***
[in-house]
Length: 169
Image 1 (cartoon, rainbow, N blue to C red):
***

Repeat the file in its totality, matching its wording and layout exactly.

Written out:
[in-house]
Length: 169
Image 1 (cartoon, rainbow, N blue to C red):